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The Irishman (NYFF Review)

   

At the screening of The Irishman I attended, someone complimented Martin Scorsese on the fidelity of the film to the events described in Charles Brant’s I Heard You Paint Houses, the memoir of mafia hitman, Teamster muscle, and confessed Jimmy Hoffa assassin Frank "The Irishman" Sheeran. But the audience member wanted to know about the conspicuous absence of one of the book’s show-stopping moments: Sheeran’s claim to have couriered a duffel bag of rifles used in the Kennedy assasination. Scorsese phrased his words carefully, saying something to the effect of wanting to avoid including anything that could be thought of as “conspiracy theory,” thereby distracting from the characters and narrative. It struck me as a little odd — this a movie that rather matter-of-factly dramatizes the unsubstantiated confession of a man allegedly behind one of the most famous disappearances of the 20th century. Why not roll with it?

The Irishman is in part a throwback to vintage Scorsese, a reunion of the filmmaker with the tough-guy subject matter and male leads of Casino, Goodfellas, Raging Bull, Taxi Driver, and Mean Streets. But compared to his other mob dramas, The Irishman is a much larger project on the scale of era-spanning, historically weighty films like The Aviator. While it’s fair to say that organized crime and casino capitalism have always functioned as societal commentary in his films, this is Scorsese's most ambitious attempt to map the machinations of organized crime onto postwar American history. And for all of the film’s patently suspect foundation on the deathbed boastings of a sociopathic career criminal — a, let’s say, problematic technicality that the film doesn’t quite engage with in a truly meaningful sense — The Irishman is still quite satisfying.

The non-linear but roughly chronological narrative introduces Sheeran (Robert De Niro) as a Teamster Local 107 driver who gets caught lifting meat from his truck. He loses his job but earns the respect and attention of Teamster lawyer Bill Bufalino (Ray Romano) for refusing to name names, and he and links Sheeran up with his cousin, Northeast Pennsylvania mob don Russell Bufalino (Joe Peschi). They begin to assign Sheeran hit jobs, and he performs them; as he says, “It was like the army. You followed orders. You did the right thing. You got the reward.” Eventually this pulls him into the orbit of Hoffa (Al Pacino), who’s in need of personal protection. “I heard you paint houses,” Hoffa says. “And I do my own carpentry work,” Sheeran responds.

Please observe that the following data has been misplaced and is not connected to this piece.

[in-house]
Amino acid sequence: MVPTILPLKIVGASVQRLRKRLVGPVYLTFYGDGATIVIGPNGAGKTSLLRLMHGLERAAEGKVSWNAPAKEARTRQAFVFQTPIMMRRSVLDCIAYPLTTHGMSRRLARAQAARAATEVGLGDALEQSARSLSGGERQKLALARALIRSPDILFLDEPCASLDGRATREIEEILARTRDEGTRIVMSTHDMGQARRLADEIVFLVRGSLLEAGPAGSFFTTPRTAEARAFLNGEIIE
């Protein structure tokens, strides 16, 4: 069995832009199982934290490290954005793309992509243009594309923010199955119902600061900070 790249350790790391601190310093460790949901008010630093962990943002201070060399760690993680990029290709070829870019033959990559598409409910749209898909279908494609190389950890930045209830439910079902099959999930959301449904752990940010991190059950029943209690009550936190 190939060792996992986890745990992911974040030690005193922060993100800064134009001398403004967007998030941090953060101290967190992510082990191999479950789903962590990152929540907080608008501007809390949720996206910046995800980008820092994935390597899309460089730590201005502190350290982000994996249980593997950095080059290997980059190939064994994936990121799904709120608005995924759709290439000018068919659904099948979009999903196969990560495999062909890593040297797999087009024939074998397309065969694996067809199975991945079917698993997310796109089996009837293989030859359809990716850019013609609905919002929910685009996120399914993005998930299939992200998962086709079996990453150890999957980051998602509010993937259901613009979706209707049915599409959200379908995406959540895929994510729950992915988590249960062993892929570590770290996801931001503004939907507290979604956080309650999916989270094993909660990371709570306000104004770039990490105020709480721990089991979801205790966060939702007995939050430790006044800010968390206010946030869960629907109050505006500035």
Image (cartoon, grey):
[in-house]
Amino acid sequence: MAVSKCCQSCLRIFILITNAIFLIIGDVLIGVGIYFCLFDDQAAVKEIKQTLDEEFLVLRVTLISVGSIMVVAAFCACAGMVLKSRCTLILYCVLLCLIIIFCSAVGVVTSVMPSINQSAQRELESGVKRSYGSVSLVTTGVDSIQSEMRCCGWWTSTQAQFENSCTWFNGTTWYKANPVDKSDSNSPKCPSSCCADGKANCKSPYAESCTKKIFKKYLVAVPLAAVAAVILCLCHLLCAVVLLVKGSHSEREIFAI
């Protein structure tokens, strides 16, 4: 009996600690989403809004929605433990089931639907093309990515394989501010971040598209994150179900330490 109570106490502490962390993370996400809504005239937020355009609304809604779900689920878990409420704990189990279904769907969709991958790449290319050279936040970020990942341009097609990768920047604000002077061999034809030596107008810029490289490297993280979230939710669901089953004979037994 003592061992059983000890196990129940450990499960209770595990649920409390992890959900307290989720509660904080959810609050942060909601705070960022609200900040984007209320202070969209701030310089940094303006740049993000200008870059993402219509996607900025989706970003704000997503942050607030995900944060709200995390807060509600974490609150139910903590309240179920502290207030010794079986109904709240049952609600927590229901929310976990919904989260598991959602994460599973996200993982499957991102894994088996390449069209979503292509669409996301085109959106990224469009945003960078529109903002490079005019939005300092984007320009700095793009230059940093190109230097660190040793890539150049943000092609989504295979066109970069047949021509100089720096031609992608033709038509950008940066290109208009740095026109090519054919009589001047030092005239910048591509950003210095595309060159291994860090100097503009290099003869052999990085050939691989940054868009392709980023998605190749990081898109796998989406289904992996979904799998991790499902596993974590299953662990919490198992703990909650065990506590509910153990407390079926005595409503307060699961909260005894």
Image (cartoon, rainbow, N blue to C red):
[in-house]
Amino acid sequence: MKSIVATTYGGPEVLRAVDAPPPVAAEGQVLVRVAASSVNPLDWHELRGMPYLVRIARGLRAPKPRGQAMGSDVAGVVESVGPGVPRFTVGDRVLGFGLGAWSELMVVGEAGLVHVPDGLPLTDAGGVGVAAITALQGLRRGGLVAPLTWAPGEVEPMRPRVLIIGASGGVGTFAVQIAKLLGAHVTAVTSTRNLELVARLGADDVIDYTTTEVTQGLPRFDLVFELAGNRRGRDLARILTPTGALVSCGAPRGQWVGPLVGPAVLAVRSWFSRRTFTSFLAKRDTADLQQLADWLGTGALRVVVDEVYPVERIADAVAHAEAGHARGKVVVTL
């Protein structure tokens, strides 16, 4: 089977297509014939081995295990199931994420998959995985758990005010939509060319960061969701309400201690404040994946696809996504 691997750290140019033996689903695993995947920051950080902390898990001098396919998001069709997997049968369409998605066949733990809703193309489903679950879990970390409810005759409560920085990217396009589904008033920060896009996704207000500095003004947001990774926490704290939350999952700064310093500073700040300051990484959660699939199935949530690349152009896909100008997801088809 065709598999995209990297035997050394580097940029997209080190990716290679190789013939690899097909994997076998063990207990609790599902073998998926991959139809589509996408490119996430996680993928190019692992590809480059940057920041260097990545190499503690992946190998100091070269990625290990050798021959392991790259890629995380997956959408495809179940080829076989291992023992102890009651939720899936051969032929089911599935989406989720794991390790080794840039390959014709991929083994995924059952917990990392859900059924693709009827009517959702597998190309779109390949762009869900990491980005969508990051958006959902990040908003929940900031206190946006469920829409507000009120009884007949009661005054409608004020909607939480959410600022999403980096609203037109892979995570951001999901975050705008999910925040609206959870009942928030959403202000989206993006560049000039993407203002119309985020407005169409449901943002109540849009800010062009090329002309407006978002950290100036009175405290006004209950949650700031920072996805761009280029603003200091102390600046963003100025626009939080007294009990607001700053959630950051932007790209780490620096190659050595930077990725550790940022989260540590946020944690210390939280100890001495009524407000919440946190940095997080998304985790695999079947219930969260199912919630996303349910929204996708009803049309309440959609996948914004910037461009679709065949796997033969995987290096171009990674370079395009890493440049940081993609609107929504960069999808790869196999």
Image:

Once Hoffa enters the picture, The Irishman hits its stride. On one hand, Pacino delivers what is instantly recognizable as a major performance, one almost entirely pitched in the “Shouty Al” register. On the other, the narrative begins to implicate Sheeran in a dizzying array of interconnected schemes: the election of JFK, the mob’s desire to oust Castro from Cuba, the Bay of Pigs invasion, the perceived overzealousness of Attorney General Bobby Kennedy’s crusade against Hoffa, and, of course, the mob skimming loans off the Teamsters’ pension fund. Meanwhile, the film portrays Hoffa and Sheeran’s relationship as a professional arrangement that grows into a close friendship.

After Hoffa is incarcerated on fraud charges and later sprung off a sentence commuted by Nixon, he struggles to regain control of the Teamsters and becomes an increasing thorn in the side of the mafia. From there, the story is one of conflicting loyalties between Bufalino and Hoffa, and Bufalino and Sheeran’s attempts to level with the impetuous Hoffa. “It is what it is,” Sheeran is tasked with telling Hoffa. When Hoffa disputes what “it” is, Sheeran’s given orders to paint house.

There are aspects of The Irishman that recall David Lynch’s work on The Return. Both see major auteurs reuniting with a career-spanning cast of collaborators and thematic concerns with reportedly greater creative control afforded by non-studio financing. And in each, extended runtimes give the directors more breathing room for entertaining tangents. (In the case of The Irishman, there are two memorable, protracted scenes of nearly absurdist banter, one about timeliness at meetings, another about… fish.) And accordingly, as advanced-career works, both deal explicitly with themes of aging and death. Late in The Irishman, within a span of ten minutes or so, we see a marquee for John Wayne’s self-reflexive, career-capping role, The Shootist, and witness De Niro/Sheeran shopping for his own coffin. The final stretch seems to function as a coda that offers a reckoning not only for Sheeran, but Scorsese’s entire rogues’ gallery of gangsters operating under an ethos of principled amorality. The Irishman suggests this code has secretly guided the 20th century — and principle often wavers, whereas amorality does not. Where have these games of power led us today? “We’re all falling apart in the freezing fuckin’ cold,” Sheeran says.